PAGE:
21 de outubro de 2015

Artigo recomendado: Best position and depth of anaesthesia for laryngeal mask airway removal in children

A prospective randomised controlled trial

George Thomas-Kattappurathu, Ananth Kasisomayajula and Judith Short

BACKGROUND: There is a wide variation in clinical practice amongst clinicians in the process of removal of the laryngeal mask airway (LMA) in children. Some of the airway complications during recovery are associated with the position of the child as well as the depth of anaesthesia and are potentially avoidable.

OBJECTIVES: We wished to determine whether removal of the LMA in the lateral position reduces the incidence of airway complications, either in a deep plane of anaesthesia or awake.

DESIGN: A prospective randomised trial.

SETTING: A tertiary children’s hospital.

PATIENTS: The study population comprised 216 American Society of Anesthesiologists (ASA) 1 to 2 patients aged 1 to 16 years scheduled for elective surgery under general anaesthesia using an LMA. Exclusion criteria were children less than 1 year old, ASA 3 or above, presence of congenital heart disease or gastro-oesophageal reflux, anticipated difficult airway and patients undergoing airway or dental surgery.

INTERVENTION: We randomly allocated 212 children into one of four groups for LMA removal, deeply anaesthetised or awake in either the lateral or supine position. Various airway complications were recorded after removal of the LMA.

MAIN OUTCOME MEASURES: The primary outcome measure was the number of patients experiencing one or more complication in each group. We also devised a novel ‘Clinical Importance’ score on the basis of the clinical relevance of airway complications.

RESULTS: There were significant differences among groups (P¼0.001); the fewest complications occurred when the LMA was removed in a deep plane of anaesthesia in the lateral position. There was a significant difference among groups in the "Clinical Importance" scores (P < 0,001); the greatest risk occurred when the LMA was removed in deeply anaesthetised supine patients.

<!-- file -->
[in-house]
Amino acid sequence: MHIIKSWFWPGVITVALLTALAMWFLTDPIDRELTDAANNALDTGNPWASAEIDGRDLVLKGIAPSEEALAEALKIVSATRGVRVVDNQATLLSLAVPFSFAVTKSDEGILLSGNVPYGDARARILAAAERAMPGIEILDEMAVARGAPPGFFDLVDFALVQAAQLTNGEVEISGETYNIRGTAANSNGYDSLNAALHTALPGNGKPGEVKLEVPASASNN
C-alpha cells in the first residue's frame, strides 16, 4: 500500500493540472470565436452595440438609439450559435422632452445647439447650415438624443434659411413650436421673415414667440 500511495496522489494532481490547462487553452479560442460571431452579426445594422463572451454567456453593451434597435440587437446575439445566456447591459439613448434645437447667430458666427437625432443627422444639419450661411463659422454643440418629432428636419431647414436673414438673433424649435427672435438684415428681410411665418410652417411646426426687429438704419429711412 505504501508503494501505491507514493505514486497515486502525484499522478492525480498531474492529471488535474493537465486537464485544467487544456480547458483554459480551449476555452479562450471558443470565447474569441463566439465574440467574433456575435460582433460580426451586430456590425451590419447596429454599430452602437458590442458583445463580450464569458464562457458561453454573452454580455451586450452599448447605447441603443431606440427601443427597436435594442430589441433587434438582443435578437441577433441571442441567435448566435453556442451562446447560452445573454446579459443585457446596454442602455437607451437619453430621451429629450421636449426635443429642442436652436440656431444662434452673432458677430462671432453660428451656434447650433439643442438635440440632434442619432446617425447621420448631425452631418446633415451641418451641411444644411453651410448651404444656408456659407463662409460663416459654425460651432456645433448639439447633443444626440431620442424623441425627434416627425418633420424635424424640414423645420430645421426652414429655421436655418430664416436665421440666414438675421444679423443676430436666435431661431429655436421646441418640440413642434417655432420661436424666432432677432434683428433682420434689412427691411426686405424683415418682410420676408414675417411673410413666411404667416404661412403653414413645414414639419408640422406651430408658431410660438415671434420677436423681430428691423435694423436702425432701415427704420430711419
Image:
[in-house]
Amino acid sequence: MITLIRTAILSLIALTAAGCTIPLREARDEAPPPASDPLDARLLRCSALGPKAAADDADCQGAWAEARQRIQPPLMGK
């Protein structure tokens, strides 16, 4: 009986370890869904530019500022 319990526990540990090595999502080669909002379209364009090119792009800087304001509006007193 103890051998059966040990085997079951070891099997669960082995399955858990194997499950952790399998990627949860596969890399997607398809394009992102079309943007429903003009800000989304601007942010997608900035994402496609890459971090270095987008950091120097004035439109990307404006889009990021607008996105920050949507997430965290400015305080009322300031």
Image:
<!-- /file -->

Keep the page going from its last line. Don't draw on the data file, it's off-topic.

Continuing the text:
CONCLUSION: The results of the present study suggest that lateral positioning of children for removal of the LMA provides the safest conditions if the LMA is to be removed at a deep plane of anaesthesia.

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2 de outubro de 2015

Artigo recomendado: Ultrasound Improves Cricothyrotomy Success in Cadavers with Poorly Defined Neck Anatomy

A Randomized Control Trial

Naveed Siddiqui, Cristian Arzola, Zeev Friedman, Laarni Guerina, Kong Eric You-Ten

ABSTRACT
Background: Misidentification of the cricothyroid membrane in a “cannot intubate-cannot oxygenate” situation can lead to failures and serious complications. The authors hypothesized that preprocedure ultrasound-guided identification of the cricothyroid membrane would reduce complications associated with cricothyrotomy.

Methods: A group of 47 trainees were randomized to digital palpation (n = 23) and ultrasound (n = 24) groups. Cricothyrotomy was performed on human cadavers by using the Portex® device (Smiths Medical, USA). Anatomical landmarks of cadavers were graded as follows: grade 1—easy = visual landmarks; 2—moderate = requires light palpation of landmarks; 3—difficult = requires deep palpation of landmarks; and 4—impossible = landmarks not palpable. Primary outcome was the complication rate as measured by the severity of injuries. Secondary outcomes were correct device placement, failure to cannulate, and insertion time.

Results: Ultrasound guidance significantly decreased the incidence of injuries to the larynx and trachea (digital palpation: 17 of 23 = 74% vs. ultrasound: 6 of 24 = 25%; relative risk, 2.88; 95% CI, 1.39 to 5.94; P = 0.001) and increased the probability of correct insertion by 5.6 times (P = 0.043) in cadavers with difficult and impossible landmark palpation (digital palpation 8.3% vs. ultrasound 46.7%). Injuries were found in 100% of the grades 3 to 4 (difficult–impossible landmark palpation) cadavers by digital palpation compared with only 33% by ultrasound (P < 0.001). The mean (SD) insertion time was significantly longer with ultrasound than with digital palpation (196.1 s [60.6 s] vs. 110.5 s [46.9 s]; P < 0.001).

Conclusion: Preprocedure ultrasound guidance in cadavers with poorly defined neck anatomy significantly reduces complications and improves correct insertion of the airway device in the cricothyroid membrane.

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